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The Exposition Babies - An Idyl of the Fine Arts Colonnade
By Edith Kinney Stellmann
Illustrated by Louis J. Stellmann
Published by H. S. Crocker Company
San Francisco and Sacramento
By H. S. Crocker Company
There's a pale, silver glint in the sky;
There's a hush that is deep and serene,
And a bright, morning star
That is shining, afar,
Looks down with a sly, twinkling mien.
For even the birdies are sleeping
And Day is wrapped, warm, in his bed
Is, pensively, nodding her head.
'Tis a time when the Fairies are pausing
In their games and their dances, so wild.
'Tis a moment when Nature is prankish:
Full of capers and tricks as a child.
If, perchance, you are lucky as I
And have wandered abroad at this hour,
You have talked as you wish
With the frogs and the fish
And have kissed the sweet lips of Wild Flower.
-Edith Kinney Stellmann.
The Exposition Babies
In the Colonnade
If you are up very early in the morning and seek the colonnade of the Fine Arts Palace - and if you know how to be just as quiet as a bayleaf tree - you may hear what the little, baby statues think and know.
Some are jolly, little chaps, piping, merrily, on reeds, playing with frogs and fish or standing sturdily on the hard shell of a tortoise. All are alluring - so alluring that few people have passed through this wondrous colonnade without a smile and a cheery word for each of the tiny folk.
It was Wild Flower who, quite naturally, lifted her face for a morning salute and who first confided in me.
Wild Flower told me that she considered Humans almost as charming to visit as her own dear companions who stayed in the colonnade all the time and who never cared whether it was clear or foggy - whether the golden California sun shone or whether a pale sliver of a moon took its place in the sky above.
Humans came all day, she said, but mostly on the sunniest days and never once did they come after the lights went out. She thought it very funny - till I told her that Humans went home and slept, at least some of them did.
She laughed, very heartily, at that, and seemed to think it quite the most amusing thing she had ever heard.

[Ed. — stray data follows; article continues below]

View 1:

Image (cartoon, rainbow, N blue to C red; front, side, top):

Young Pan heard her laughter and stopped blowing on his pipes long enough to call out a greeting. They are the best of friends - and I am told that in the night, when Humans are not about, Young Pan plays the most enticing of dance-music and Wild Flower forgets to be so demure.
He never stops playing when Humans come - even to laugh or say a word to anyone - but his music is heard only by the other baby statues, and a few, select friends. The black swans are included for they have wondrous understanding.
I was more than pleased, you may be sure, when he played me a little melody - full of splashy, fountain notes and warm, sunny earth-tones and misty-dell-like rests. Now and then the sound of hoofs could be heard and I fancied a Centaur was passing by. There were chuckly tones and rumbling bass and I truly believe the Big God Pan, himself, was cavorting in glee behind the columns.
The Wood Nymph did a toe-dance and almost lost her balance - so eager was she not to miss one beat. Then, tucking her cornucopia under one fat, little arm, she clapped gleefully.
"He doesn't play like that for everybody," she told me when I glanced her way. I was sure he was playing just for me, but it was evident Wood Nymph felt quite as certain that it was all for her little majesty.
I heard a hoarse croak in the distance and moved on. It was the frog who is with a boy though the name-plate says, "Boy with Frog."
"Don't take it so to heart," the frog admonished. The boy laughed. I looked from one to the other in astonished chagrin - for the laugh was plainly at me.
"Young Pan's music," said the Boy, explanatorily, "is just for - whoever hears it."
The frog put in - rather meanly, I thought - "Then it's no compliment to her."
The Boy's reply cheered me immensely. "It's more of a compliment than you think," quoth he, "for Young Pan only lets them hear his music when he takes a special fancy to them."